Meanwhile, the festivities are continuing. The guests drink to fraternity and then dance. As morning draws near, von Eisenstein and Frank must depart for the prison: one under arrest and the other to work. In amazement, Heinrich learns from Frank that the previous evening the latter had already deposited Rosalinde's husband in a cell. Teetering along, von Eisenstein and Frank enter the prison fortress.
At the prison, the warder is in charge – he is a great lover of having a drink. His chief, who comes to the prison after the ball, must freshen himself up in the bathroom. Von Eisenstein Arrives: the jealous husband wishes to know who his double is. Blind the lawyer appears: Alfred, now sober, has summoned him, no longer wishing to sit in prison on behalf of the true guilty party. The enraged Heinrich runs in and takes the lawyer's cloak and wig – he himself wishes to interrogate the pseudo-von-Eisenstein.
When talking with the "lawyer", Alfred is stunned by his furious reaction to the evening episode at the von Eisenstein household. Rosalinde appears. Her husband is angry at her, though Frau von Eisenstein shows her husband the watch – evidence of his infidelity. Heinrich is unmasked and begs for forgiveness. Several of Prince Orlofsky's guests enter, wishing to continue the festivities. The Bat reveals her incognito persona to all, and Adele immediately joins Falke's theatre company. "Madame Moral has taught her lesson and Monsieur Destiny has been disgraced," as all sum up.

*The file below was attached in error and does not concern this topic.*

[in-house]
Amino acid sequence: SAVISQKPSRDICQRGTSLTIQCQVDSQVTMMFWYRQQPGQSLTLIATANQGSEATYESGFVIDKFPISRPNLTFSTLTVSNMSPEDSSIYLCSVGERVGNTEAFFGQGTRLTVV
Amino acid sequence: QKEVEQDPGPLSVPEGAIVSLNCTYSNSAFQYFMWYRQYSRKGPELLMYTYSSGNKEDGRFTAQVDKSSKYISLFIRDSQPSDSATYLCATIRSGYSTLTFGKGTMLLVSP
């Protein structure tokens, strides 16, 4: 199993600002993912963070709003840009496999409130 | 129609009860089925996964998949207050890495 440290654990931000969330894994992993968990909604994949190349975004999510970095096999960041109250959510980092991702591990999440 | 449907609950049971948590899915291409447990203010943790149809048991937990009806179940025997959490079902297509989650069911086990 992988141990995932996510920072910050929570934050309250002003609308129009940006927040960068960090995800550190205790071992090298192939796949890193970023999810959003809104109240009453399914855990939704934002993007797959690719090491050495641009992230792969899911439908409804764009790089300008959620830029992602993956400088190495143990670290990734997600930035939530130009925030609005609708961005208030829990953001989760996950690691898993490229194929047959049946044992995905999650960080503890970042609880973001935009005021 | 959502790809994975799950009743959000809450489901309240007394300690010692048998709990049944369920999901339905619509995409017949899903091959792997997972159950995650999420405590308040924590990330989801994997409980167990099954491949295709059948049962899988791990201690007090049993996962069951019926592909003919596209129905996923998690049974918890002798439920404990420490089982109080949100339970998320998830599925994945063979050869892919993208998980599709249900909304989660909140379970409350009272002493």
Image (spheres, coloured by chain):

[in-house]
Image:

Die Fledermaus appears on theatre playbills most frequently at New Year, and it is rare for a New Year gala concert at any major opera house or philharmonic hall not to feature the overture from this dazzling operetta in the programme. The very first sounds of Die Fledermaus – three explosive chords as impressive as corks flying out of bottles of champagne – draw the audience into this whirlwind of festivities.